Ontario municipalities may have a legitimate beef with the way hospitals pay taxes, but the timing couldn’t be worse.
All levels of government appear to be scrambling to make ends meet without having to pass increased costs on to citizens in the form of taxes. The results are one cash-strapped level of government going after another cash-strapped level of government.
Instead of paying municipal property taxes, universities, colleges, hospitals and detention centres pay something called a Heads and Beds payment.
The Heads and Beds rate has not changed since 1987 – a flat rate of $75 per head/bed.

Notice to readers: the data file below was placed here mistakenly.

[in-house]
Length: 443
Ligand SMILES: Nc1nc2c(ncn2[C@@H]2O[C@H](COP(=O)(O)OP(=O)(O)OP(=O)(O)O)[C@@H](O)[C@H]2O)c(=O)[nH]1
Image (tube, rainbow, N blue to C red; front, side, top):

Municipalities argue that had the tax kept pace with inflation, municipalities would be receiving $135 per head/bed instead.
A recent court ruling may have provided a means to achieve a fairer arrangement. A recent Supreme Court decision ruled in favour of the Halifax Regional Municipality, noting the Federal government was unfairly paying a nominal fee of $10 in taxes for the 42-acres it occupied in the center of that Nova Scotia city.
The Court ruled the government must pay fair value like any other entity.
This may open the door to municipalities to seek a greater contribution from universities, colleges, hospitals and detention centres just when the province is starving them of funding.
Hospitals this year face a freeze in their base funding. Further, some hospitals may actually see a drop in revenues from the province upon the implementation of a new funding formula. Without additional provincial support, the municipalities may end up digging these institutions further into deficit.